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Sky-View places markers at MIAs’ graves

Those who never returned are being remembered at one local resting place.

On Thursday, small floral arrangements and custom laminated signs were placed at bronze plaques which accompany 70 memorial trees at Sky-View Memorial Park in Hometown.

The memorials honor men killed in action, those buried overseas, some lost at sea and others missing in action.

The laminated signs were produced by Patricia Sherry DeLay and Barbara Sukel Cann based on information obtained through research at the archives of the American Battle Monuments Commission.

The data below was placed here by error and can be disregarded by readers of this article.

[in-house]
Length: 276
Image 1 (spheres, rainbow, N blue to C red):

Although no cemetery services are planned this year due to the pandemic, Sky-View staff will place 3,500 flags at graves of U.S. veterans buried at the site, according to supervisor Dan Farber. The flags will be placed beginning early Friday, Farber said, a project involving several workers.

The cemetery uses an authentic wartime vehicle to transport materials used in preparation for Memorial Day.

The 1941 Ford Jeep has been restored to exact specifications of the World War II Jeep used by the late Robert Miller of Hazle Street in Tamaqua. Miller’s son, Robert A. Miller III, of West Penn Township, is board president at Sky-View.

Dan Farber of Sky-View Memorial Park, Hometown, places flowers and a placard at the grave of Pfc. Charles W. Eroh, U.S. Army, on Thursday, one of 70 such tributes rendered for servicemen who never returned home. DONALD SERFASS/SPECIAL TO THE TIMES NEWS